Yappily Ever After: Are You Ready for a ‘Blended Family’?
Last updated: Jan. 16 2020 | 3 min read
If you’ve started dating a fellow pet lover, you already have something important in common: your love for animals. Pets are part of your family. You probably feel you and your pets are a package deal; if your date cannot get along with your pets, it’s time to look elsewhere.
If your pets have always come first, how do you integrate a new love relationship into your life? Has your date met your pets? Like single parents, some pet owners wait to see how the relationship goes before bringing their love interest home to meet “the pets.” Do you like the way your date interacts with your pet? Does your new friend make an effort to get to know your pet? I heard of a man who had a parrot, and he sought out a bird behaviorist to help his bird accept his new girlfriend into their “flock.” The time, effort, and love the girlfriend invested in his bird was one of the things which convinced him this woman was “the one.” They got married, and the bird was delighted.
Does your date get along great with animals, but treat YOU like a worn-out dog toy? Although I believe love for animals is a good indicator of ability to love in general, sometimes one partner may feel “second-class” to the other’s pets. It’s important to have a balance here. I once knew a man who lavished gentle affection and upscale deli treats on his dog, but verbally and physically abused his own girlfriend.
Have you ever been asked to choose between a partner and a pet? The answer is usually to keep the pet, and let the partner go. A kind, loving partner would hesitate to give you such an ultimatum. (If your partner has severe allergies or a pathological fear of your pet, these issues can often be resolved with professional help, if both partners are willing.) Often people who demand you choose are insecure and controlling, and cannot stand “sharing” you with a pet. They are not considering YOUR feelings; only their own. Furthermore, even if you did say goodbye to your pet, your partner would likely get jealous of other things: your time with friends or family, your workouts, hobbies, even possibly your job. So beware if you’re asked to make such a choice.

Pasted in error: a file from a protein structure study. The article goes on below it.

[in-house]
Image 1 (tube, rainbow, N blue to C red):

Questions for the Two of You:
– Do you have enough to sustain a relationship aside from your mutual love of animals?
– How do your pets get along with each other? Does one of you have cats, the other birds? Can you resolve the potential hazards of seemingly incompatible pets?
– Do the two of you have differing views about your pets’ lifestyle? For example, does he feel his cat should stay indoors and sleep with him in bed, but she strongly believes that cats belong outside? If she has a bird and insists it get organic veggies and full-spectrum lighting, does he consider this an overindulgent waste of money? If whenever he drives he takes his dog with him, does she dislike dog breath in her ear?
– Sit down and talk with each other about your concerns. It may feel risky, but it’s better to do this sooner than later, and you may discover important about your date during the discussion: how he or she copes with potentially sticky subjects. Ability to resolve differences of opinion is a good indicator of a lasting relationship.
If you’re both pet lovers, you’re already off to a good start. Keep the lines of communication open and take time to enjoy each other (with and without your pets). Take time to walk the walks, sniff the smells, and bark, meow, squawk, and squeak to your hearts’ content!